Once the bank's customers downloaded the application, they were infected by a modified version of the haxdoor.ki Trojan, which triggered key logging when users accessed their Nordea bank accounts online. These details were then relayed to a group of servers in Russia, where an automated routine started siphoning money from the customer's accounts.
The bank has borne the costs of reimbursement to all the affected customers and is seeking ways of preventing further attacks of this nature.
Unfortunately for customers worldwide, this type of low-value, multi-account fraud is extremely difficult to counter, unless the bank concerned has both heuristic and holistic IT security technologies to protect its IT resources.
The Nordea bank incident illustrates the fact that modern cybercrime has "come of age" driven at least in part by the arrival of organised criminals using sophisticated techniques to extract significant amounts of money from organisations both large and small without detection.
Most modern organisations have installed multi-vector security technology, including perimeter security systems, to protect their IT resources against almost every conceivable form of external attack, whether it is an e-mail-borne virus, hybrid malware, or a sustained brute force attack on their EFTPOS/financial systems.
But this is only part of the security equation. Today there is also the very real issue of internal attacks, originated by anyone from a disgruntled employee to a WiFi-wielding cracker who gained access to the company's internal network using a wireless backdoor, courtesy of a new Centrino-driven notebook sitting on the marketing director's desk.
Employing user privilege-based control systems on the IT network, as well as installing event monitoring/response technology that can block any unauthorised and/or unusual activity on the IT resource, can protect against loss through internal attacks of this type - as well as sophisticated hybrid attacks from the Russian criminals involved in the Nordea Bank scam.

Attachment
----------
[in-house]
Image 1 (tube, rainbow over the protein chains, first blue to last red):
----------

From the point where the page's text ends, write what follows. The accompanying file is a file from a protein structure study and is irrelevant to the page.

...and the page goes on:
Unfortunately for hard-pressed IT managers the world over, some of the best IT monitoring/control systems can be relatively expensive option to install and operate, meaning that a compromise in terms of security and cost might seem the order of the day. This could prove to be false economy and impact good governance.
Modern legislation, like the Sarbanes-Oxley Act in the US, the Companies Act in the UK and other equivalent laws around the world, impose a duty of care on senior officers within organisations to install an auditable IT security system that protects against all known and unknown security threats that might impact their organisation.
Perhaps worse, these new laws do not take account of the fact that hacker techniques - as clearly illustrated in the Nordea Bank attack - are becoming more sophisticated and specifically designed to evade existing detection methodologies.
Many of the forensic accounting and data auditing software seen in the last decade, in fact, is now significantly out of date against a backdrop of the increasing levels of authorised misuse, unwitting internal participation and fraud that are starting to appear in many major organisations. Authorised misuse is a grey area that many IT security managers overlook at their peril. If, for example, an office worker starts downloading the entire company customer base, it may be that a legitimate back-up is in progress, or it might be the beginnings of a major contravention of local data protection legislation. But which is it?
An effective monitoring system capable of alerting IT management staff to such an event and taking pre-defined lock-down action, as appropriate, goes a long way towards protecting against loss, keeping the auditors at bay, and, perhaps more importantly, keeping the management on the right side of the law.
This is because a failure to address such increasingly prevalent internal security matters is a breach of a growing number of compliance legislation such as Sarbanes-Oxley in the US and the Companies Act in the UK.